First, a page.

Important! The proposed 2011 Business Plan presented to City Council on March 28, 2011 was ratified by Council on April 4th through a series of amendments. Please refer to “2011 Business Plan Amendments” for a complete listing of the approved changes to the 2011 Business Plan documents. These amendments in concert with the 2011 Business Plan documents comprise the approved 2011 Business Plan for the City of Barrie.
Use the following table of contents to view the 2011 Business Plan & 2011 – 2020 Capital Plan in Adobe Acrobat (PDF) format.
This document is also available for public viewing in a hard-copy format at the City Clerk’s Office or Finance Department, 70 Collier Street, 1st Floor. If an alternate format is required, please contact (705) 739-4204.
The 2011 Business Plan addressed Council's direction to develop a budget that not only described how we planned to use the resources entrusted to us, but also described the goals and objectives we intended to achieve. As the process moved forward, many questions arose surrounding the use of tax dollars and how decisions are made. Please find answers to some common questions that came up.
Council approved a 2.63% property tax increase. For a home assessed at $261,000, this translates into an $88 property tax increase.
Yes. For a typical home- one that consumes 180 cubic metres of water per year- the increase will be approximately $88 over last year’s fee, which is a total cost of $519 for the year.
Under Ontario Regulation 453, Municipalities are required to maintain financially sustainable water and wastewater systems. In conjunction with the Council approved 2009 rate structure review, the 2010 Council approved water and wastewater long-range plan identified the need for increased revenues to achieve the goal of financial sustainability.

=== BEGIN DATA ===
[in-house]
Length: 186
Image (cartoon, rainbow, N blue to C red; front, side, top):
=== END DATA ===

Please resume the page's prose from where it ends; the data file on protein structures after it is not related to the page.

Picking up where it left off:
The increased rates for 2011 will offset operating costs related to the expansion of the wastewater pollution control plant, the new surface water treatment plant and provide contributions to reserves which support current and future capital works.
City Council considers many factors when deciding the type and level of service it wants residents to receive. General economic conditions are one of the factors, and all available analysis anticipates an economic recovery will occur throughout 2011. Council also approved a set of financial policies which, among other details, establishes affordability thresholds for property taxes. Staff check the cost of the business plan against the affordability thresholds when preparing the budget. The 2011 Business Plan is within Council’s affordability thresholds. You can read more about this in the “Financial Condition” section of the Executive Summary in the 2011 Business Plan.
Yes. Barrie residents will see improved or additional services this year. One of the main focuses of the budget was the $125 million Capital Plan which includes the completion of several new facilities that will be officially unveiled and will be ready for use this year. These include: the Barrie Fire Station #1, the Surface Water Treatment Plant, the new Satellite library, a second GO Transit platform at the Allandale Station and the Downtown Community Theatre. This comprehensive capital program also includes road improvements ($4M towards surface renewal and major rehabilitation of roads) as well as the replacement or repair of roofs at some City facilities. Public Transit will also be receiving some new equipment, with $2.25 million being put towards bus replacement.
A onetime visit to dispose of up to 100 kg of garbage per household at no charge will continue in 2011. The residential basic tipping fee for garbage has been set at $122 per tonne with a minimum $10 charge for the first 100kg.